Six Myths of Disability Insurance

Myth # 1: It won’t happen to me

People certainly hope it won’t happen to them, but do they really understand the odds? Research from the Council for Disability Awareness (CDA) found that while about 30 percent of employees will face a long-term disability during their working career, 73 percent of workers think their odds are 10 percent or lower, and 32 percent estimate their chances of disability at 2 percent or lower.

Myth #2: If I become disabled, it won’t last long

It’s true that most work absences are short, and people get back to work in a few days. But three in 10 workers will miss work during their careers for three months or more as a result of accident or illness, and when that happens, they can expect that disability to last an average of two-and-a-half years.

Myth #3: I’m covered at work

Many employers, especially the smaller-sized ones, don’t provide sick pay or long-term disability benefits for their employees. According to the Social Security Administration, 69 percent of workers have no private disability insurance. Surprisingly, many workers who are not covered at work think that they are. We encourage clients to learn about their benefits, and help them understand whether they have enough protection to pay their bills should a disability strike.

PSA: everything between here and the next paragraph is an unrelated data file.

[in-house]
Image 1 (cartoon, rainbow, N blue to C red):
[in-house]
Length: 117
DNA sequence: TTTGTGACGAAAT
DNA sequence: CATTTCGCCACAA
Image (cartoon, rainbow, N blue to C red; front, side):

Myth #4: Workers’ comp should cover me

CDA’s research shows that 95 percent of disability claims are not work-related. The top three causes of long-term disability — heart disease, cancer, and musculoskeletal disease — are usually not work-related, and therefore not eligible for workers’ comp.

Myth #5: Social Security should be enough

Although Social Security Disability Insurance (SSDI) is important for more than 150 million U.S. workers, it is difficult to qualify for — half of all initial SSDI claim filings are denied — and the average monthly benefit is only $1,062.

Myth #6: I have enough to live on . . . if I’m ever disabled

Seventy-one percent of American employees live from paycheck to paycheck without enough savings to cushion a financial blow. Many nest eggs were severely depleted by the most recent stock market crash, and many Americans carry too much debt.